Scott Pilgrim vs. the World: All My Friends Were Right

Scott Pilgrim vs. the World came out about seven years ago, but I saw it for the first time on Sunday. I consider myself a movie buff, so my friends have been constantly harassing me to watch it, and I never did. They were right. It shouldn’t have taken me seven years to watch it. What’s wrong with me? Is there something broken inside that can’t ever be fixed? Why can’t I just show some self-respect and salvage the rest of my life? Am I just giving a vague and disingenuous summary of the internal character arc of Scott Pilgrim?

Anyhow, I have some stuff to say about the movie, and it might be unique because I just had an experience that’s seven years old for most people. Also, it’s interesting to compare with Baby Driver, because that’s still hip to talk about. That’s only been in theaters for about a week, right?

Cultured Vultures spoilers

The cast

There’s an awful lot of people in Scott Pilgrim vs. the World whose careers have blown up since 2010. Michael Cera is Scott, the protagonist, and Mary Elizabeth Winstead is Ramona, the woman he’s trying to win over. Supporting characters are played by Anna Kendrick, Brie Larson, Alison Pill, Chris Evans, Johnny Simmons, Kieran Culkin, Mark Webber, Aubrey Plaza, and Ellen Wong. I probably missed a couple.

Currently, it would be borderline impossible to assemble this group of actors and actresses onto a single project. Interestingly, no one ever mentioned the cast to me when they were pitching this movie. They mostly have quirky appearances that stop people from recognizing them. For example, Aubrey Plaza’s character wears glasses, and Mary Winstead’s character dyes her hair garish colors, and that’s really all it takes to make us forget that we’re watching a professional actress and not the character that they’re portraying. It’s extremely basic costume stuff, but the end result is that I never got them mixed up, even though I watched the movie at 3am.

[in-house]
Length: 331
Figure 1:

It’s also worth mentioning that Edgar Wright collaborated with Michael Bacall to write the screenplay, an adaptation of a graphic novel by Bryan Lee O’Malley. Michael Bacall is probably better known for the Jump Street movies. Like the cast, Bacall’s profile grew rapidly after “Scott Pilgrim”.

 

Scott Pilgrim vs. What World?

Source: SideFX

Edgar Wright doesn’t care about reality. He understands that films don’t need to imitate reality in a literal sense. When you get right down to it, the fight scenes aren’t actually absurd or crazy. People don’t fly in reality, they don’t fight that way in reality, and they don’t have superpowers in reality, but this isn’t reality. It’s a movie. Why would he constrict his ideas by following any rules other than the ones internal to the film? And why should he? “Scott Pilgrim vs. the World” is completely insane, but it maintains immersion because it’s internally consistent. A movie has to be believable, and the key to believability is not realism. Its consistency.

The fights are outrageous, but they’re consistently outrageous. After the first fight scene (which is half an hour into the movie, by the way), every fight is stylistically similar. Total strangers try to murder Scott and when he kills them, they explode into showers of coins, because the movie is structured like a video game. It picks its path and sticks with it, building on top of what it already has, rather than stretching itself thin with too many different tones and rules.

Wright actively sacrifices realism in the name of storytelling. When Scott goes from the living room to the bathroom, then emerges straight into an exterior shot, it doesn’t pull me out of the movie, because it pulls me deeper into the story. A shot of him walking through the living room to reach the front door would have interrupted the story. There’s no story in that shot, so skip it. All the living room shot would’ve added was consistency with reality, but remember: Edgar Wright doesn’t care about reality.